My rating: 2 stars
Unfortunately, a beautiful cover doesn’t always wrap up a captivating story. The Wicked Cometh by Laura Carlin had the potential to be a good book, but its premise isn’t well developed, it lacks atmosphere, and the writing style is far from appealing. Two women with growing feelings for one another try to discover why people are going missing all over London in 1831. The reason behind the disappearances is interesting. If the sole focus of the novel had been on that mystery and the plot hadn’t been so meandering, this could at least have been a satisfactory read.
The main character and narrator, Hester, lives in London with her father’s former gardener, Jacob, and his wife, Meg. Both her parents died, her mother in childbirth and her father of typhoid fever. Her current neighbourhood is plagued by poverty, a condition she desperately wants to escape. She is trying to find her cousin Edward, whom she believes can get her a job outside of London. While looking for him, she is run over by a carriage. Inside is Mr Calder Brock, a 25-year-old physician. He takes her to his home to tend her injured leg. A couple of days after, he insists on taking her with him to the country where he will continue to provide her proper medical care.
That isn’t his only purpose, however. Mr Brock also plans to prove through her that even poor people from the gutter can be educated. He is to join the board of ‘The London Society for the Suppression of Mendacity’ and wants to change people’s perception of poverty. The maids warn her to be careful with Miss Rebekah, his sister, because two girls that were working for her have recently disappeared.
Hester doesn’t tell them that she has had an education at the parsonage where she grew up. She wants to impress Calder and Rebekah, show them that she can learn quickly. Her aim is to get a job at a country house. Rebekah, who is 27 years old, is reluctant to teach her, since she doesn’t share her brother’s way of thinking. But she ends up accepting the mission. Once, as she is waiting for her lesson, Hester takes a look at Rebekah’s papers and finds some notes about the disappearances of the maids Martha and Agnes. They reveal her efforts to understand what happened.
Despite being unsure about what Rebekah thinks of her, Hester starts to admire her immensely. She makes sure to mention that she doesn’t fully understand her feelings, but they keep on growing. Rebekah’s mind-set is difficult to discern at first, since the book is narrated by Hester in the present tense. At times, it seems that Rebekah enjoys Hester’s company. However, when she returns from London, where she spent Christmas time, Hester overhears her saying that she intends to dismiss her, seeing that “her intellectual faculties are as deficient as her attitude”.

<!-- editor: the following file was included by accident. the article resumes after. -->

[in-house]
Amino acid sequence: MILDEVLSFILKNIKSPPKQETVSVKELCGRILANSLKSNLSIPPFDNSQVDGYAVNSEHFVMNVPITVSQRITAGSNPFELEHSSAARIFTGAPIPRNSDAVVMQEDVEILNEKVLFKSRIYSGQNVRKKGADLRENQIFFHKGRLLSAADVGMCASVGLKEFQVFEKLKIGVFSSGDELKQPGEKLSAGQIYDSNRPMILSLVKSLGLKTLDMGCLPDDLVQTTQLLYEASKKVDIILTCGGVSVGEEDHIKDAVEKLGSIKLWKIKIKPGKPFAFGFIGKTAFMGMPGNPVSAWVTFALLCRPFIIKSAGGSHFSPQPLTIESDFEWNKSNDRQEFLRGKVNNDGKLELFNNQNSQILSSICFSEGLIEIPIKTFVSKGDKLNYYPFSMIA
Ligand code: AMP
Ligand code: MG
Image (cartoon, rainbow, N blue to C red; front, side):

Heartbroken, Hester leaves the house taking with her Rebekah’s diary, through which we the learn more about her personality. As she is gathering her belongings, she finds an unsigned note that says that she should have never gone to Waterford Hall.
The writing style is one of the weaknesses of this novel. There is too much telling and not enough showing. The first time this seriously bothered me was when Hester is explaining what she does during her lessons. I wish those moments had been narrated in more detail, showing more of her interactions with Rebekah. Instead, they almost resemble a list of activities. We are also told that the characters have certain feelings, but they don’t transpire through the page very often. On one occasion, the author manages to convey that Hester is experiencing desire through the effects it has on her. But then unnecessarily directly states that she is feeling desire. That was already obvious. There is no need to state it when for once these almost wooden characters are shown to have feelings.
Although there are people disappearing around London, I didn’t feel an aura of mystery throughout the book. Occasionally, adjectives are used to try to convey a desolate and enigmatic atmosphere. It rarely works, though. There are plenty of descriptions, but I couldn’t visualise any of the settings. They are soulless. I also didn’t feel anything closer to gloom when I was supposed to.
“But a certain gloom has settled in her wake, and we take our stools again and sit in silence.”
The plot is not particularly gripping, because it’s not well structured and is unduly meandering. Some events feel too forced and just create further complications that aren’t strictly necessary for the clarification of what seems to be the main mystery – various people disappearing in London. It feels like some of the revelations about the characters are at different times either too convenient or too far-fetched.
I had high hopes for The Wicked Cometh, but Laura Carlin’s writing style is not for me. The fact that I still had a mild curiosity to discover the reason behind the disappearances was what kept me reading. It’s a shame that certain characters’ activities were not more delved into in some way.